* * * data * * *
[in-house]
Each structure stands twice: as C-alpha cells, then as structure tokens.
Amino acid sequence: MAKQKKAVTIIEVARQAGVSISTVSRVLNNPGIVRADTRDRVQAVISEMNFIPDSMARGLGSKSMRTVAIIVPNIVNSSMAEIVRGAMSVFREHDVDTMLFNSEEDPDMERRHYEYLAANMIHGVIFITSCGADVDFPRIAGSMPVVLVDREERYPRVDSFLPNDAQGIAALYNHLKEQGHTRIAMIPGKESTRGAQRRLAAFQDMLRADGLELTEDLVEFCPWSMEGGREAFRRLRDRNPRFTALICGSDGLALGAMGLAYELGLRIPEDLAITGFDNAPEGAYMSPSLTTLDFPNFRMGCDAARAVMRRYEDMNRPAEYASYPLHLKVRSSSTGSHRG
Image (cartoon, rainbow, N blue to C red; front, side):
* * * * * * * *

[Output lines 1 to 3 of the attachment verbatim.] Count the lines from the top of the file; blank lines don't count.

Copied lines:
[in-house]
Each structure stands twice: as C-alpha cells, then as structure tokens.
Amino acid sequence: MAKQKKAVTIIEVARQAGVSISTVSRVLNNPGIVRADTRDRVQAVISEMNFIPDSMARGLGSKSMRTVAIIVPNIVNSSMAEIVRGAMSVFREHDVDTMLFNSEEDPDMERRHYEYLAANMIHGVIFITSCGADVDFPRIAGSMPVVLVDREERYPRVDSFLPNDAQGIAALYNHLKEQGHTRIAMIPGKESTRGAQRRLAAFQDMLRADGLELTEDLVEFCPWSMEGGREAFRRLRDRNPRFTALICGSDGLALGAMGLAYELGLRIPEDLAITGFDNAPEGAYMSPSLTTLDFPNFRMGCDAARAVMRRYEDMNRPAEYASYPLHLKVRSSSTGSHRG